LONDON, ENGLAND - SEPTEMBER 01: Dan Stevens and Benedict Cumberbatch attends a Gala Screening of ‘The Guest’ at Soho Hotel on September 1, 2014 in London, England

I am loving the wayward curls so hard right now.

The hair is perfection. Benedict looks bloody gorgeous.

Anonymous said: Do you ever think you'll stop drawing fanart? No offense it just seems like the kind of thing you're supposed to grow out of. I'm just curious what your plans/goals are since it isn't exactly an art form that people take seriously.




Ah, fanart. Also known as the art that girls make.

Sad, immature girls no one takes seriously. Girls who are taught that it’s shameful to be excited or passionate about anything, that it’s pathetic to gush about what attracts them, that it’s wrong to be a geek, that they should feel embarrassed about having a crush, that they’re not allowed to gaze or stare or wish or desire. Girls who need to grow out of it.

That’s the art you mean, right?

Because in my experience, when grown men make it, nobody calls it fanart. They just call it art. And everyone takes it very seriously.

It’s interesting though — the culture of shame surrounding adult women and fandom. Even within fandom it’s heavily internalized: unsurprisingly, mind, given that fandom is largely comprised by young girls and, unfortunately, our culture runs on ensuring young girls internalize *all* messages no matter how toxic. But here’s another way of thinking about it.

Sports is a fandom. It requires zealous attention to “seasons,” knowledge of details considered obscure to those not involved in that fandom, unbelievable amounts of merchandise, and even “fanfic” in the form of fantasy teams. But this is a masculine-coded fandom. And as such, it’s encouraged - built into our economy! Have you *seen* Dish network’s “ultimate fan” advertisements, which literally base selling of a product around the normalization of all consuming (male) obsession? Or the very existence of sports bars, built around the link between fans and community enjoyment and analysis. Sport fandom is so ingrained in our culture that major events are treated like holidays (my gym closes for the Super Bowl) — and can you imagine being laughed at for admitting you didn’t know the difference between Supernatural and The X Files the way you might if you admit you don’t know the rules of football vs baseball, or basketball?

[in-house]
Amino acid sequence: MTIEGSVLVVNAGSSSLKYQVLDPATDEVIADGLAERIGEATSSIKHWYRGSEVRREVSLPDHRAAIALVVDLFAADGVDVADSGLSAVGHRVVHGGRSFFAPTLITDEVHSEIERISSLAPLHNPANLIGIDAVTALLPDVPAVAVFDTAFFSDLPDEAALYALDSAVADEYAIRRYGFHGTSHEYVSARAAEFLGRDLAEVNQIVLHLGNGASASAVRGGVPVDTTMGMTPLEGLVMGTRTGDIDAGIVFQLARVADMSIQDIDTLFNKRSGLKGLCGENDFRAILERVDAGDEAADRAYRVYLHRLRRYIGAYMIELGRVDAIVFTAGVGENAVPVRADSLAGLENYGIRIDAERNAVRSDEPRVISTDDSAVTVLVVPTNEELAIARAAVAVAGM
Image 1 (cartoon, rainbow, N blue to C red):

"Fandom" is not childish but we live in a culture that commodified women’s time in such away that their hobbies have to be "frivolous," because "mature" women’s interests are supposed to be caretaking, via marriage, children, and the lives of those within an imagined (generally nuclear) family unit: things that allow others to continue their own special interests, while leaving women without a space of their own.

So think about what you’re actually saying when you call someone “too old” for fandom. Because you’re suggesting they are “too old” for a consuming hobby, and I challenge you to answer — what do you think they should be doing instead?

This. So much this.

Tags: Fandom


Benedict Cumberbatch in Tumblr vs. (nearly) Full Resolution :)

Picture taken on North Gower Street, London (21st of August 2013).

More setlock pics.